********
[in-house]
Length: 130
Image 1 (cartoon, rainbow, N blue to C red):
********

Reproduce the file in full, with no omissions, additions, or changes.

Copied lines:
[in-house]
Length: 130
Image 1 (cartoon, rainbow, N blue to C red):